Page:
Articles Posted in Supreme Court of Virginia

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Defendant recorded a mechanic’s lien for work done on two properties that had been placed in a trust. The trustee filed a petition challenging the validity of the liens, arguing that the memoranda for mechanic’s lien were defective because they failed to specifically name the trustee, improperly identified the claimant, and failed to list either a date from which interest was claimed or a date on which the debt was due. The Supreme Court affirmed, holding that the memoranda for mechanic’s lien either complied with the relevant statutes outright or were substantially compliant. View "Desai v. A. R. Design Group, Inc." on Justia Law

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In 1997, Virginia Polytechnic Institute & State University awarded General Contractor a prime contract for construction work. General Contractor hired Subcontractors to complete portions of the project. Sureties acted as sureties to Subcontractors. After construction was substantially completed, Virginia Tech made final payment to General Contractor in 1999, which made final payment to Subcontractors. All work was concluded in 2000. In 2012, Virginia Tech asserted a claim against General Contractor seeking compensation for the cost of remedying defective workmanship. In 2014, General Contractor settled the claim with Virginia Tech and, the same year, filed this action alleging breach of contract and common law indemnity claims against Subcontractors and breach of contract claims against Sureties. In 2015, the court dismissed the case in its entirety, concluding, as relevant to this appeal, that the statute of limitations barred the breach of contract claims. The Supreme Court affirmed, holding that the statute of limitations had run by the filing of the suit in 2014, and because any breach of Subcontractors occurred at the time of their respective performances, the statute of limitations had similarly run against Sureties. View "Hensel Phelps Construction Co. v. Thompson Masonry Contractor, Inc." on Justia Law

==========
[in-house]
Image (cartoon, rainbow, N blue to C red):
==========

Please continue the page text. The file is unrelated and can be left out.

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Church entered into an engineering contract with Civil Engineer (Engineer) to design site plans for a rain tank system. Church entered into a contract with General Contractor (GC) for the construction of the rain tank. After GC installed the rain tank, the tank collapsed. Engineer designed and GC installed a different storm water management system, but Church refused to pay GC for installing the new storm water system. GC sued Church for payment, and Church counterclaimed against GC for breach of contract. Church filed a third-party claim against Engineer for repair and replacement costs it was found to owe GC because of the rain tank collapse. Church filed a separate suit against Engineer. The circuit court concluded that the rain tank collapse was the failure of Engineer, entered judgment for GC on its claims against Church, and awarded Church damages for delay and other damages associated with removing and replacing the rain tank. Engineer appealed. The Supreme Court (1) affirmed the judgment of the circuit court finding Church’s claims timely and Engineer liable on Church’s breach of contract claims; and (2) reversed the circuit court’s judgment granting Church damages in the form of construction loan interest that was not incurred as a result of the breach of contract. Remanded. View "William H. Gordon Assocs. v. Heritage Fellowship, United Church of Christ" on Justia Law